Dana MacPhee, director of Uist Wool, is here today to talk about the development of their mill and training programme. The Uist Wool Mill will spin local and other fleece for local craftspersons and for selling outwith the islands. The project seeks to help to revitalise this traditiona
I grew up in a time and place that often gets romanticised as being wild, remote, on the edge and distant. Occasionally making the pages of the national press when hedgehogs are slaughtered to preserve bird life or a retired oil-rig crashes ashore in a gale.
The Outer Hebrides – to me – is not remote, on the edge or distant and I physically wince when I hear these words used to describe the place I live. In 2016 I feel totally connected to the rest of the world through technology, transport and television.
Islanders have always had an outward looking attitude and I feel the same way. Many leave to find work on the mainland but still feel very emotive about their origins and frequently return to top up their cultural essence – buying Stornoway black puddings, peat-smoked sea salt and candles called Seilebost to carry a tangible part of the Hebrides back home. The people involved in these businesses have put their energy into making something work for their communities, providing employment and opportunities to keep the circle of life turning in the Outer Hebrides.
My motivation to get involved with Uist Wool was born from this belief and in the old movie cliché, “Let’s do a show and do it right here!” – usually in some old creaky barn that mutates into a lush nightclub once they hang a mirror ball. We had the wool, the talent, the ambition, a heritage & tradition in wool-work and a few volunteers who felt the same way. This was the mantra of the Wool Development Group that formed here back in 2008.
Our current Chairperson, Mary Norton must get the credit for coming up with the idea of the mill. Her close friend is Libby Mills, who was one of the original founders of the successful Green Mountain Spinnery in Vermont, USA. Libby came to North Uist for a visit in early 2008 and saw the same conditions affecting local crofters as in the farms of Vermont in the late 1970’s. The price of wool was negligible, fleece was being dumped, buried or even burned – disposed of in any way possible. Surely there had to be a better way to use wool than this?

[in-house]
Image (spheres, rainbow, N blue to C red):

Spurred on by Libby’s story, the Wool Development Group (WDG) started to research the options for setting up a Mill in North Uist. It was at this point that I got involved with the project as a volunteer. The last spinning mill on the island had closed in 1965 and although local people recalled the industry the knowledge of mill engineering had disappeared from the community.
| EARLY DAYS
Undeterred, the WDG commissioned a major community consultation exercise and feasibility study undertaken by Louise Butler of Exfactor. This detailed report was completed in 2010 and gave us the evidence needed to present our plan to various funders and convince them the Mill was a viable proposition that could provide economic, social and cultural benefits to the area.
I’d love to say that the first funder we approached gave us the cash gladly. This wasn’t the case and we felt badly stung by the rejection. How could anyone say no to such a great idea? Thus, the long trek to getting the finance to build the Mill started.
In the meantime, we had a few major decisions to make. What type of mill machinery should be installed; all new or pre-loved? After a lot of deliberation the choice was made to go with older, mechanical machinery that could be repaired locally if needed. We had nothing against the all-new Belfast mini-mill kit (we bought one spinner/plyer which is great) it was just a concern that relying on an electronic brain might be too risky for us…..and to be honest heritage machinery looks and sounds so much better!